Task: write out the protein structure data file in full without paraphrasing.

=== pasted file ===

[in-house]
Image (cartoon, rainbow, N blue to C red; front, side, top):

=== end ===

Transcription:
[in-house]
Image (cartoon, rainbow, N blue to C red; front, side, top):